Treatment for Bulimia

Bulimia (or bulimia nervosa) is a serious mental illness. It can affect anyone of any age, gender, or background. People with bulimia experience cycles of eating large quantities of food (called bingeing), and then trying to compensate for the binge by vomiting, taking laxatives or diuretics, fasting, or exercising excessively (called purging). You can read more about bulimia here.

Most treatment for bulimia will take place in outpatient services. Inpatient treatment is usually only necessary when someone is at risk of suicide or severe self-harm.

Therapy

Therapy can be recommended as part of the treatment for bulimia in order to tackle the underlying thoughts and feelings that cause the illness and encourage healthier ways of coping. Therapies recommended to help treat bulimia might include:

  • Evidence-based self-help, which will involve some of the same techniques you would learn in face-to-face therapy. Ideally this will be with support and encouragement from your healthcare team.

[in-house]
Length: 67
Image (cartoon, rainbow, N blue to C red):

• Cognitive behavioural therapy – Bulimia Nervosa (CBT-BN), CBT that has been adapted to suit the needs of people with bulimia.
  • Other therapies, such as interpersonal psychotherapy (IPT), as an alternative to CBT.

CBT is likely to be recommended as part of your treatment, and may have positive results over a shorter course of treatment than other forms of therapy. However, if CBT isn’t right for you, you can get good results through other therapies too.

You can read a bit more about what each therapy involves in our glossary.

Search for therapists

Self-help and support groups

Self help and support groups where you’re able to talk to others going through similar experiences can be useful to both sufferers and their families throughout treatment and in sustaining recovery. Please search our HelpFinder database for information about what’s available in your area. Alternatively, Beat runs online support groups for people with eating disorders.

Search for support groups

Issue date: January 2017  Review date: January 2020 Version 2.0 Sources used to create this information are available by contacting Beat. We welcome your feedback on our information resources.